Europe’s Erased

Europe’s Erased: Rethinking European Migration and Citizenship Policies Based on the Example of the Erased Residents in Slovenia

Beja Protner



The erasure of more than 25,000 people from the population registry of the Republic of Slovenia in 1992 left these people who had been living there for several years, some for all their lives, without any legal status. As such, these previously ordinary citizens became the legal equivalent of undocumented migrants. They were the first in Slovenia to experience European migration policies with their classification order of legal statuses and citizenships, which organizes populations into hierarchies both within and among the states. Their struggle to gain legal status is proof of the absurdity of these policies where desubjectivated migrants are trapped in an administrative circle that prevents their inclusion in society. Citizenship, a status that promises full participation in the community, is very hard to acquire because the community is defined as a national community. Behind the curtain of the “home security” discourse, the real goal of selective and partial inclusion of migrants seems to be protection of capital, since undocumented workers (among them also the erased residents) are unprotected from exploitation and as such are a benefit to the economy. The main argument of the article, supported by the ethnographic data, is that migration restrictions not only cause a great deal of suffering to migrants but also (re)produce their illegality. Due to the migration policies, these migrants stay in a specific territory illegally and as a consequence they cannot work in the legal sector. In order to break this vicious cycle, the official concept of citizenship has to be changed and the foundations upon which migration policies rest have to be reconstructed in the spirit of  inclusiveness.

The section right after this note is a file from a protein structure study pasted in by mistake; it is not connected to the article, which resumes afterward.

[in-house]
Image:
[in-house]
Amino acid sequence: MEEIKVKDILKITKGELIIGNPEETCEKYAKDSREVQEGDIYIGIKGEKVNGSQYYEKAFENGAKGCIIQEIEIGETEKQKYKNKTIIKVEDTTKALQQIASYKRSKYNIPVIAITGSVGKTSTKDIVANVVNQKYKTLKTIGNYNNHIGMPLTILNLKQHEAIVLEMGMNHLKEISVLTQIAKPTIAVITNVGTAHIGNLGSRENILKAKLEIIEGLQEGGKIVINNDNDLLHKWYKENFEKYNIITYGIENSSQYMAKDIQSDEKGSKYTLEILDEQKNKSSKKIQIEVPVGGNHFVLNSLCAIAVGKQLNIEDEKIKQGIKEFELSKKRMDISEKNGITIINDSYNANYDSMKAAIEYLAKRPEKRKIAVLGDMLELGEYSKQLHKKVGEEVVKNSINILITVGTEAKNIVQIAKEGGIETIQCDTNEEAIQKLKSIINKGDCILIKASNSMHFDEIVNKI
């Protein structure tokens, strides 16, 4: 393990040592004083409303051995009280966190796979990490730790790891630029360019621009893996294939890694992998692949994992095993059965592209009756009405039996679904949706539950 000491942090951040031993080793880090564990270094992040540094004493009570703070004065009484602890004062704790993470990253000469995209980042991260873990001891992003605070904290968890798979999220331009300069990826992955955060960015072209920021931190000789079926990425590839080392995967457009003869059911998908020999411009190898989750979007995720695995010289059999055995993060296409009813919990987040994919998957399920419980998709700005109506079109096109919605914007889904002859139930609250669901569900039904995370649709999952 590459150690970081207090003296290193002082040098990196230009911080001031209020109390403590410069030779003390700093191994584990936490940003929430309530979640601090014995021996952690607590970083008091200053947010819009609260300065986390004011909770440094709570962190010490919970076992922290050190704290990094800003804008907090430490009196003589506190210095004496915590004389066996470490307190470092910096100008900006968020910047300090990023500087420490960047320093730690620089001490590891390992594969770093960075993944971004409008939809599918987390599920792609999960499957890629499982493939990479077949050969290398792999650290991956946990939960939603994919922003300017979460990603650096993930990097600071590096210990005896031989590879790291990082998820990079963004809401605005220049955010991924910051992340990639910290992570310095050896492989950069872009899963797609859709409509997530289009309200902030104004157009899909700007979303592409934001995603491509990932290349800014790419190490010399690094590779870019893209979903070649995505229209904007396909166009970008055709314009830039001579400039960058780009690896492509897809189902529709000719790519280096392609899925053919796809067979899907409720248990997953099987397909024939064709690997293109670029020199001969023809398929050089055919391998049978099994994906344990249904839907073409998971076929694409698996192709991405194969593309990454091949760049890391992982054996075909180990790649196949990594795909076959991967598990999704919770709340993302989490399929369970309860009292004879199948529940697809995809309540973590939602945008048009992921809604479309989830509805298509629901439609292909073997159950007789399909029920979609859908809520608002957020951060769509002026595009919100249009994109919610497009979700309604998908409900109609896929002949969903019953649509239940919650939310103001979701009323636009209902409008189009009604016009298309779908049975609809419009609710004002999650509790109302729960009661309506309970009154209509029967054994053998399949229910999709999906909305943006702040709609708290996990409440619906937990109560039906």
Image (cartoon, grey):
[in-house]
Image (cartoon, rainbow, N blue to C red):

Keywords: Erasure, migrations, citizenship, Slovenia, Europe

Download Full Text – Protner 2013


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